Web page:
Author's Chapter Notes:
Will no one have tea with the worm?
beta-ed by Gelsey

The Guardian at the Gate

Richard slowly got to his feet and looked around, careful to keep sight of the king out of the corner of his eye. He seemed to be missing his wand but did not want to alert his foe that he was weaponless. There was now a scent of pines in the air, and a touch of rain. He checked for aches as he dusted himself off.

"It would appear that only your dignity was bruised," the king said as he moved aside, allowing him to see into the valley.

Richard wasn't so sure, but he made no reply as he examined the view below him.

At the bottom of the slope was sandy soil, neglected gardens and weedy fountains. Stone obelisks stood around, as if they were tombstones or giant warning fingers. On the other side was a tall, thick wall running from his left to his right, in which was set a large double gate, and beyond that lay what had to be the Labyrinth. It was a series of mazes, some of stone, some of hedges, some of buildings. He'd been at corn mazes and some of the society families he'd visited had mazes of shrubbery for security around the grounds or as garden features. There had been one at Hogwarts when he was in his fifth year; it held no pleasant memories.

That was then; this is now, he reminded himself as he forced his focus back into the present.

At the far end of the mazes rose a castle that had scaffolding around an unfinished tower.

"I've seen this before," Richard remarked. "In a painting, in Smyth's office. Only I think that there was a tall tower there. And some other stuff."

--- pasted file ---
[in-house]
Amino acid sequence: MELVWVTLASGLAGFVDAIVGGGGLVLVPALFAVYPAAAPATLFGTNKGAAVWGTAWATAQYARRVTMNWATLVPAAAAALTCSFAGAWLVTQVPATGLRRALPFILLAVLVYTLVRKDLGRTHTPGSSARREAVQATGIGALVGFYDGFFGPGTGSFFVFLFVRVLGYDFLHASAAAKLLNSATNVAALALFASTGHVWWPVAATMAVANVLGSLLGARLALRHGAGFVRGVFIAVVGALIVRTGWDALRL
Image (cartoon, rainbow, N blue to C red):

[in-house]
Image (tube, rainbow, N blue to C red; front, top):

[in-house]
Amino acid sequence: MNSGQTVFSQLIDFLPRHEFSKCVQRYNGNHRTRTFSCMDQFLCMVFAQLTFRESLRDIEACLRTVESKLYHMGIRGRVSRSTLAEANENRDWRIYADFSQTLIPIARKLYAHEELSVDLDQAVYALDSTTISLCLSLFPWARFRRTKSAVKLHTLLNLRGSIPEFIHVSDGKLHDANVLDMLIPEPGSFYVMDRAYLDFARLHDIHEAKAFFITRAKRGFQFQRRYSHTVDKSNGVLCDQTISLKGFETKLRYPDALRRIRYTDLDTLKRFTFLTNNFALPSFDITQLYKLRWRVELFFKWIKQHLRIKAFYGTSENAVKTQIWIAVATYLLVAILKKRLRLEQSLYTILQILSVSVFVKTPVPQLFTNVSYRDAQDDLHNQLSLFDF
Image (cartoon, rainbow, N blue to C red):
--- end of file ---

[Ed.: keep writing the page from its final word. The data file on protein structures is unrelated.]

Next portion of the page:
"Alice's painting is in the hospital?" the king asked.

Richard shook his head. "It's an original Hermious Bosche. Looks like he was here, too." He made a quick calculation. "Some, what, five hundred years ago?" He noticed movement. One or two inside walls had moved, changing the path. As he watched, different walls continued to change until there was the suggestion of a face. A few more movements, and the Goblin's King's likeness lay before him.

"So this is a bunch of mazes?" Richard asked, ignoring the image.

"It is the Labyrinth," the king coolly replied as he casually produced a clear orb and studied it.

Richard learned years ago that a key difference between a maze and a labyrinth was that the latter was a single narrow path winding around to its center, and that a maze had multiple choices and dead ends. He suspected that he would do well not to provoke his opponent by discussing it.

"Where are the children?" he asked.

"Did you not tell your house-elf to look after them? They are with him," came the reply. "You have thirteen hours to complete the Labyrinth. Do not finish it empty-handed." He tossed the orb carelessly into the air-it vanished.

"Thirteen hours, relative to what?" Richard asked as he looked away to see if there was a clock or a sundial nearby. "Is time the same here as at St. Mungo's?"

There was no answer. The king had disappeared.

"Walnuts!" Richard swore. He grabbed for his wand, but it was missing. He searched himself and then the ground around him and tried a Summoning charm but to no avail. He looked back at the Labyrinth to see if the king was anywhere in sight. The walls inside were shifting again. They stopped and before him was a another visage. He didn't stop to study it.